- THE British royal family's desire to end the decade-long controversy over the death of Diana, Princess of Wales, foundered again on Friday after the High Court ruled the inquest must be heard by a jury.
The ruling overturned a decision by deputy royal coroner Elizabeth Butler-Sloss that she would sit alone for the hearing. Her decision was challenged by Mohammed Al Fayed, whose son Dodi was killed alongside Diana when their car crashed in Paris at high speed. Their driver was found to have twice the legal alcohol limit in his blood.
The High Court's decision makes it more likely that the inquest will examine Mr Fayed's allegation that senior royals had mounted a conspiracy to cause the 1997 crash. A three-year-long British police inquiry concluded last year that the deaths were an accident.
Justice Smith, handing down the ruling, said: "Mr Fayed has alleged that the Duke of Edinburgh and the security services conspired to kill the princess and Dodi Fayed.
"The allegation must be inquired into. We want to be sure that the jury is an independent jury."
The judges heard arguments that an inquest would attract worldwide attention and that the perception of a cover-up would be minimised by having a jury.
Justice Smith, sitting with Mr Justice Collins and Justice Silber, said: "As this inquest will attract worldwide interest it must be seen on a worldwide basis to be above reproach in all respects even by people looking at it from a very, very long way away."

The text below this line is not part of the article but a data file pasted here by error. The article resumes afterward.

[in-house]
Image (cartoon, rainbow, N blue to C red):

Yesterday the three senior judges ruled that the coroner was legally obliged under the 1988 Coroners Act to sit with a jury because recommendations could be made to reduce the danger posed to royals, celebrities and members of the public by photographers pursuing them.
During the hearing of Mr Fayed's application the judges were told there was an "eerie similarity" between the paparazzi pursuit of the princess and their recent "hounding" of her son Prince William's girlfriend Kate Middleton.
The judges said: "It is likely that there will be a recurrence of the type of event in which the paparazzi on wheels pursued the princess and Dodi Fayed."
A coroner and jury can make recommendations aimed at preventing future deaths.
Outside court, Mr Fayed called for Prince Charles and the Duke of Edinburgh to be called as witnesses. Such a demand makes likely further legal battles before an inquest is held.
Mr Fayed said: "The jury must now be allowed to hear the entirety of the evidence, but I fear there will be attempts to keep it from them.
"I have already had to fight for almost 10 years to establish once and for all how they died, why they died, who ordered their murders and who slaughtered them with such awful brutality."
Mr Fayed refuses to accept that the deaths of his 42-year-old son and Princess Diana, 36, were accidental.
A British police investigation headed by former London Metropolitan police (known as the Met) commissioner Lord Stevens dismissed Mr Fayed's claims of a murder conspiracy, concluding the death was a "tragic accident". GUARDIAN